Then we went to Frederic Durbin's reading, from a weird western in the upcoming anthology Discovery. It was quite good, with a really strong and distinctive voice, and we look forward to reading the rest of the story.

At some point, Kristin went back to the dealers' room to buy several books and a pair of earrings. We also looked at the work on display in the Art Show.

We had dinner at Wolf's Ridge Brewery, which was excellent but had very small portions. Good if you're not too hungry. (Earlier that day, we both had brunch at Double Comfort, but not at the same time. Kristin often gets up earlier than Donald, and is hungry while he's still sleeping. Kristin had the chicken n' waffle, while Donald sampled the chicken fried pork cutlet (also on a waffle). This was also a good restaurant and much cheaper than Wolf's Ridge, with more substantial serving sizes; probably not as healthy though, with all that Southern fried food.)

After dinner, we attended the Art Show reception and then went to the Baltimore in 2018 party again, since we'd had such a good time the previous night. Donald didn't stay too late because of our panel first thing in the morning the next day. Kristin thinks she stayed later, but we're working on this post a week after the fact and can no longer remember whether that's true.


We got up in time to attend our panel, "How to Make a Small Fortune in Specialty Publishing (Starting with a Large Fortune)". Aside from Donald and Kristin, we also had Jeremy Lassen of Night Shade Books and Tod McCoy of Hydra House. Unfortunately, Yanni Kuznia and Robert Sawyer couldn't join us. It was a good panel, less because of Donald's moderating (though we will note that, unlike many panels, he kept this one on topic), than because of the range of perspectives represented.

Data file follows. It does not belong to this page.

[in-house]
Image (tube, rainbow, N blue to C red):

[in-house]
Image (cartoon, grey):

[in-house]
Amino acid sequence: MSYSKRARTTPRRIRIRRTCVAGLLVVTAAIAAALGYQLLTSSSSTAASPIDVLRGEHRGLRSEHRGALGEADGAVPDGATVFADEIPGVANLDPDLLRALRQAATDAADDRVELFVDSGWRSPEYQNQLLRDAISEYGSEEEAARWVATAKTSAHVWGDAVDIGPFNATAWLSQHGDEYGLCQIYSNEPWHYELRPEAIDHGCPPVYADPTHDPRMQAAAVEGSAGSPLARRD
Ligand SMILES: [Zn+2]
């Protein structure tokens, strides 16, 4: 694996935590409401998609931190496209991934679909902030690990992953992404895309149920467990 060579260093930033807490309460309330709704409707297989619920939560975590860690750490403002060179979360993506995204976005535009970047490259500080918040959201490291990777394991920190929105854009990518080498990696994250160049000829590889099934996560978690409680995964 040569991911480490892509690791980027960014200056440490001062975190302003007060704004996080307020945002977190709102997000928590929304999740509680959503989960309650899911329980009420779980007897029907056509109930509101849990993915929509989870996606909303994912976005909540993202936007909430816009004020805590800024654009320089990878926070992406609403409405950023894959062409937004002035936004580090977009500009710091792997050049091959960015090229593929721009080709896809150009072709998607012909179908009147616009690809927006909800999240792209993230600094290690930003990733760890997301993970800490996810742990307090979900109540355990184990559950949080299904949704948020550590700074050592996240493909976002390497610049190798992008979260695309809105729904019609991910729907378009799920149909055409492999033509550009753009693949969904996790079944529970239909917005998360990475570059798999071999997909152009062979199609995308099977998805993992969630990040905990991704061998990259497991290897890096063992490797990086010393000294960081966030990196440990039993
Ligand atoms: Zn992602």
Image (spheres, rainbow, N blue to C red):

That was pretty much it for the con. There was a banquet on Sunday afternoon, followed by the World Fantasy Awards ceremony, but we didn't go. We've often gone in previous years, but the banquet food is always mediocre and overpriced, and neither of us really enjoys award ceremonies (we don't even watch the Oscars).

We had Mexican food at Nada for lunch (pork belly tacos for Donald and carne asada tacos for Kristin), and dinner at The Eagle (another Southern place specializing in fried chicken--Kristin had a quarter chicken with dark meat, Donald had the blackened shrimp po boy, and we shared orders of spoonbread and stewed collard greens with ham hocks and bacon). Both of these places were quite good, and reasonably priced. For breakfast, Kristin ate at the hotel restaurant again. It was pretty average. They did have a really good herbed chicken sausage, which seemed to have been made in-house.

We don't usually include photos from restaurant men's rooms, but this display from Nada is worth a closer look.

We did spend some time before dinner hanging out at the bar, but avoided stopping by the post-con party people were talking about, since we had to get up at 3:30 am on Monday for the flight home.

That's about it. We had a great time connecting with everyone, and hopefully were able to get the word out about Mysterion to more people who didn't yet know about it.

Our next convention will be Arisia here in Boston, in January. If you're planning to attend (and who doesn't want to visit Boston in January?), let us know!